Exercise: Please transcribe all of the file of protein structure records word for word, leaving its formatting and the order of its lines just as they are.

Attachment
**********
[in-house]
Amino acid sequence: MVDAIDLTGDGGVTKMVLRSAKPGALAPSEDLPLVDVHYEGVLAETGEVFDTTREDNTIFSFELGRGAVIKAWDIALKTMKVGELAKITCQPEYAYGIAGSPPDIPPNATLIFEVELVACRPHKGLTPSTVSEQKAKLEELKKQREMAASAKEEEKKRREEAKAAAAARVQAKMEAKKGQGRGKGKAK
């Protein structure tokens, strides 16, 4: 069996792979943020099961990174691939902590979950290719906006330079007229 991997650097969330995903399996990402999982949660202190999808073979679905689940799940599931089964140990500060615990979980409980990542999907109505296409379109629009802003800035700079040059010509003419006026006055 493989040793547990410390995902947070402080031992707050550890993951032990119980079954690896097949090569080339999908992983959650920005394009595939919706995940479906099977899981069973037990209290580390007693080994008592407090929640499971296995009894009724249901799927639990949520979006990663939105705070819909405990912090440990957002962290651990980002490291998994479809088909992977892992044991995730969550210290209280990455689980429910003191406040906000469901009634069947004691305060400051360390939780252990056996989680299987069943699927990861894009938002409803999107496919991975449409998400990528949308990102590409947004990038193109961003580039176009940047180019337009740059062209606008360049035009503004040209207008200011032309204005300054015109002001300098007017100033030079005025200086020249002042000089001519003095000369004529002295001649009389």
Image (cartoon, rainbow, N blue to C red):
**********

[in-house]
Amino acid sequence: MVDAIDLTGDGGVTKMVLRSAKPGALAPSEDLPLVDVHYEGVLAETGEVFDTTREDNTIFSFELGRGAVIKAWDIALKTMKVGELAKITCQPEYAYGIAGSPPDIPPNATLIFEVELVACRPHKGLTPSTVSEQKAKLEELKKQREMAASAKEEEKKRREEAKAAAAARVQAKMEAKKGQGRGKGKAK
């Protein structure tokens, strides 16, 4: 069996792979943020099961990174691939902590979950290719906006330079007229 991997650097969330995903399996990402999982949660202190999808073979679905689940799940599931089964140990500060615990979980409980990542999907109505296409379109629009802003800035700079040059010509003419006026006055 493989040793547990410390995902947070402080031992707050550890993951032990119980079954690896097949090569080339999908992983959650920005394009595939919706995940479906099977899981069973037990209290580390007693080994008592407090929640499971296995009894009724249901799927639990949520979006990663939105705070819909405990912090440990957002962290651990980002490291998994479809088909992977892992044991995730969550210290209280990455689980429910003191406040906000469901009634069947004691305060400051360390939780252990056996989680299987069943699927990861894009938002409803999107496919991975449409998400990528949308990102590409947004990038193109961003580039176009940047180019337009740059062209606008360049035009503004040209207008200011032309204005300054015109002001300098007017100033030079005025200086020249002042000089001519003095000369004529002295001649009389």
Image (cartoon, rainbow, N blue to C red):